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Frozen Shower Pipes in Attic

Discussion in 'Plumbing and Central Heating' started by bobsy12, 3 Mar 2018.

  1. bobsy12

    bobsy12

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    My Wife went to use the upstairs shower today and found it was not working - just buzzing. I tried the second upstairs shower and the same, so I'm guessing the pipes are frozen. They are gravity fed pipes which go into the attic and down to 2 showers. They are lagged and I've never had a problem with these pipes before. The showers were working fine a couple of days ago.

    So I've no idea where to start. The roads are all snowed over, so I'm concerned that when the pipes start to defrost they will leak. I can't see which section of the pipe is frozen.
    There are no isolating valves on the pipe that goes into the attic.

    Please help!!
     
  2. JohnD

    JohnD

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    Do you mean they are fed from a loft tank, and there are no valves on the outgoing pipes from the tank?

    Tie up the float in the tank to stop it refilling. That alone will reduce the amount of water that can leak out to about 100 litres. If you are pretty confident there is no burst, you could leave it like that, and be prepared to turn on the bath taps to drain the tank quickly if a leak starts. This means you can continue using the kitchen sink taps until the problem is resolved.

    If you are more cautious, run the bath tap now to drain the loft tank. Then the only water that can leak will be a bit remaining in the pipes. If you can get up into the loft with a hairdryer, you could then start trying to thaw out the pipes. The ice most likely started in an exposed part such as a valve or a badly-fitted join or elbow, or in a place where a cold draught enters, perhaps at the eaves.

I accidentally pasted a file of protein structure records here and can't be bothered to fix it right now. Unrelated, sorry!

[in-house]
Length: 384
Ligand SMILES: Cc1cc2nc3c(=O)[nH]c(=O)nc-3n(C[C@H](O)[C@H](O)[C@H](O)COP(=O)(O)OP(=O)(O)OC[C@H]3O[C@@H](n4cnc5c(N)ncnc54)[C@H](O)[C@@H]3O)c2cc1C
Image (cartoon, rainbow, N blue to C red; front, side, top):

It's helpful to change the loft insulation so it flops over the pipes, so they can receive heat escaping through the ceiling, and are insulated from the cold loft.

    Make sure you know where the main stopcock is, and give it a trial turn. You might need it in a hurry. Stopcocks should not be wound open so far that they reach the end of their travel; open them then back off a quarter turn or so. This reduces the risk they will jam.

    If your pipe lagging is not already the modern stiff plastic foam, invest in some, and the matching tape to hold joints and elbows closed. The foam can be cut with a serrated knife. Preferably use the "Bylaws" grade which is very thick. https://www.wickes.co.uk/search?text=lagging

    Don't use the felt sleeving which is only suitable for preventing pipes rubbing and clicking.
     
    Last edited: 3 Mar 2018
  3. bobsy12

    bobsy12

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    Many thanks for your advice.
    Sorry forgot to mention, there is no loft tank any more. The only pipes in the attic feed the showers. All the pipes have the modern thick insulation and where the pipes run along the attic floor they are also covered in loft insulation. We used to have a tank but that was removed when we changed to combi boiler. Some of the pipes run off the attic floor so they just have the modern thick insulation.
    Advice further advice much appreciated.
     
  4. terryplumb

    terryplumb

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    You mentioned that the showers "buzzing". Are they instantaneous electric type ? If so unlikely to be fed from a tank ,rather off mains cold. If they are fed from tanks hot and cold ,they may have an electric pump. Either way isolate electrics to them to prevent damage .
     
  5. bobsy12

    bobsy12

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    Ok, thanks the showers are the instant type off mains cold. There are no electric pumps.
     
  6. JohnD

    JohnD

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    no tank, so not gravity feed, then.

    You'd better turn of the main stopcock until you have thawed them out. I suppose you can turn it on for short periods while you're awake and alert to a sudden leak and could turn it off at once.
     
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